Of course the key word there is 'can' because as well know windfarms rarely produce electricity at anything like capacity. Indeed The TimesM recently reported that:
'THE first detailed study of Britain’s onshore wind farms suggests some treasured landscapes may have been blighted for only small gains in green energy.I cannot find the generation figures for Whitelee but I doubt that it is more than 50% of the 322MW figure quoted in The Telegraph.
The analysis reveals that more than 20 wind farms produce less than a fifth of their potential maximum power output.
One site, at Blyth Harbour in Northumberland, is thought to be the worst in Britain, operating at just 7.9% of its maximum capacity. Another at Chelker reservoir in North Yorkshire operates at only 8.7% of capacity.
Both are relatively small and old, but larger and newer sites fared badly, too, according to analyses of data released by Ofgem, the energy regulator, for 2008.
Siddick wind farm in Cumbria, now operated by Eon, achieved only 15.8% of capacity, the figures suggest. The two turbines at High Volts 2, Co Durham, the largest and most powerful wind farm in Britain when it was commissioned in 2004, achieved 18.7%.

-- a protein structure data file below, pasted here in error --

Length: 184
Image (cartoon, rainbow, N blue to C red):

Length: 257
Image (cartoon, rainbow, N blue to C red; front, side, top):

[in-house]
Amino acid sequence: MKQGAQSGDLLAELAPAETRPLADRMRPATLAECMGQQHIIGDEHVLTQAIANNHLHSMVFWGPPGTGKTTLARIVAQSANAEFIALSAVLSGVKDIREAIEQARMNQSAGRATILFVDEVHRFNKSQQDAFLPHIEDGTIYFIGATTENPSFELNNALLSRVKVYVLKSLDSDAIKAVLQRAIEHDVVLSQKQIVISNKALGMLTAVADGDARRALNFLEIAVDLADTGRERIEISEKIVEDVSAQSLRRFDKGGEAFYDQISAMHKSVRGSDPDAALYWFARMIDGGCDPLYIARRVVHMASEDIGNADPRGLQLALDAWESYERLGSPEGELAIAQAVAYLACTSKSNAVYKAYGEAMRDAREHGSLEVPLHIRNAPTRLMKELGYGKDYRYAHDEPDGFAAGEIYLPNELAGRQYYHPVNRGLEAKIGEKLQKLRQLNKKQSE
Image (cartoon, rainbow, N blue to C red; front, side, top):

Turbine efficiency is calculated by comparing theoretical maximum output with what the farms actually generate. The best achieve about 50% efficiency and the norm is 25%-30%. '
As an aside I have just looked at the always fascinating Neta site and see that for the last 24 hours this was the breakdown of power generation by type of power source:
Gas - 52.3%
Coal - 24.3%
Nuclear - 19.8%
Pumped Storage - 1.2%
Wind - 1.1%
Non pumped storage Hydro - 0.7%
Interconnect - 0.6%
That 1.1% is 12,206MWh; I wonder what the claimed capacity of UK Wind Farms is?
ChrisM reports in my comments that "Current capacity is 4122 MW with another 10,000 MW under construction". If this is true then wind farms were running at around 12.3% over the period I examined; impressive!